“You’ve got to find a way to speak that reaches people, stops people or slows them down at least,” says the comedy legend as she opens up about pushing boundaries and her early days on ‘Laugh-In’ ahead of her SAG lifetime achievement award Sunday.
Lifetime achievement awards are all the more satisfying when they’re accompanied by an ongoing body of exceptional active work, and Lily Tomlin recently has received a string of career-honoring prizes (including a Kennedy Center Honor and a Tony lifetime achievement award) even as she continues to garner acclaim for her roles in Netflix’s Grace and Frankie and the 2015 feature Grandma. Now the Laugh-In and All of Me star will receive the Screen Actors Guild lifetime achievement award Jan. 29, presented by her 9 to 5 co-stars Dolly Parton and Jane Fonda. She also is nominated for female actor in a comedy series (alongside Grace co-star Fonda). Tomlin recently spoke with THR about her career journey and the importance of being politically vocal.
You’ve had a good run of honors in recent years. Do you enjoy these opportunities to look back?
I got my first lifetime achievement [American] Comedy Award — Bette [Midler] and I got awards the same night — and we were probably about 40, and that was a little premature.
Do these recent awards feel better-timed?
They feel a little more appropriate. I’ve gotten a couple, none as meaningful as the SAG is because God knows who will be in the audience. It’s a bit daunting, and so it’s something you look forward to with some trepidation and fear. And yet you’re sort of elated.
You’ve said that when you were starting out, people wanted to change you, make you more like Lenny Bruce or others. What do you remember about the directions people would push you?
There would be two camps: people horrified if I were totally like Lenny Bruce [in pushing boundaries], contextually in terms of the society at that moment, and people who would’ve been thrilled that I was more like Lenny Bruce, or whatever they thought Lenny Bruce should be. But I couldn’t be something I wasn’t. I had to be what I was. But there were people who said, “How can you do stand-up? You’re going to lose your femininity.” And that was so bogus to me. I would burst out laughing. Here’s what’s so wonderful when you’re young: I put on shows when I was little, never thinking I would be in show business. By the time I was 10, I had a huge repertoire. I was also trying to get other kids to be in the shows, but they didn’t take it seriously. So I had to resort to myself completely. I would do magic tricks, tap-dancing, ballet, comedy. I would do anything. I decided I was the world’s first performance artist.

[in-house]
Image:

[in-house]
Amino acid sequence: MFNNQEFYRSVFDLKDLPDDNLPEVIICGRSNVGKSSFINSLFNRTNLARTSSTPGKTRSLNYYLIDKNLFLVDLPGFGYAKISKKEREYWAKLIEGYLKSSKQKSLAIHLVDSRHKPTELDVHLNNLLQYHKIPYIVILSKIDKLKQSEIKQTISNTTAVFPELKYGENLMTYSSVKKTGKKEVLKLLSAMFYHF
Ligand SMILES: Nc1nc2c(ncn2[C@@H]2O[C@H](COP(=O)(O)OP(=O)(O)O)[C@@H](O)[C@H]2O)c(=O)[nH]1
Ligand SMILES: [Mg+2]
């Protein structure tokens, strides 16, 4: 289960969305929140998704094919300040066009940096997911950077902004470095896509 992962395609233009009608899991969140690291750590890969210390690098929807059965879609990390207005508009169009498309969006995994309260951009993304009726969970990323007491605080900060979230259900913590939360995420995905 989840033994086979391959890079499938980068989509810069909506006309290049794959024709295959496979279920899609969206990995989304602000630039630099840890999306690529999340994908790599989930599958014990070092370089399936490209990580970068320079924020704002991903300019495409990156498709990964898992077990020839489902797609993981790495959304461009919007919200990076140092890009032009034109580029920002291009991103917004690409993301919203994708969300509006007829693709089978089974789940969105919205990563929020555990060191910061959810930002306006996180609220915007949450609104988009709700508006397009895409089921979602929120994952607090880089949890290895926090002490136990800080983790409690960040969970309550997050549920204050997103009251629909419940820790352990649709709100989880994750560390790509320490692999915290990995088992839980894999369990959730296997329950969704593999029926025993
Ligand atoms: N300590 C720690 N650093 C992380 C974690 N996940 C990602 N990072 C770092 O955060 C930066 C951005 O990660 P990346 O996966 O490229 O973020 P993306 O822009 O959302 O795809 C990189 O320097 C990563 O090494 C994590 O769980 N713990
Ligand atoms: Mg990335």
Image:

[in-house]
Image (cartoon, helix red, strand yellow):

Do you think there was something special about the Laugh-In environment that made it such a good starting place for you, or would it have been the same if you’d come around a few years later on Saturday Night Live or something else?
I think it would’ve been about the same, provided I could’ve fought my way through. It’s my recollection when I hosted Saturday Night Live a long time ago that it was a little more “clubby.” Some of the writers were actors, and they were all vying for parts. I don’t know if I would’ve done as well [there]. But I certainly did [on Laugh-In]. It was meant to be for me. I came in midseason of the third year. I had [the character] Ernestine and other stuff [director] George Schlatter was more leery about. But he wanted to do the phone operator because I was replacing Judy Carne, who had sat at the switchboard and said, “Beautiful downtown Burbank.” Ernestine was a topical entity in herself. And still to this day, people have stopped me and said, “One ringy-dingy … two ringy-dingy.” She’s still a viable character. I mean, she can work anyplace.
What was the transition like going from Laugh-In to making your film debut in Nashville?
When I got to Nashville, there were like 25 actors in the film, and there were several parts I thought I could’ve played. But as people kept coming in, I thought, “Everybody’s so right for their part. I must be so much more Linnea than I have any idea.” Then I came to realize that was one of [director Robert] Altman’s great gifts — he was a great casting person.
You’ve never been afraid to speak your mind. Do you feel the next four years under President Trump are going to be a more important time than ever for people to voice their opinions?
Yes, I think so. It’s important that we express ourselves to the people who have assumed power and express ourselves in a vehement, loving way, so they know at least people are watching, people are caring about what they do, and they are disapproving, or they’re approving. You’ve got to hold the feet to the fire. You’ve got to do something, but you don’t want to do anything that is too divisive. You’ve got to find a way to speak that reaches people, stops people or slows them down at least.
This story first appeared in the Feb. 3 issue of The Hollywood Reporter magazine. To receive the magazine, click here to subscribe.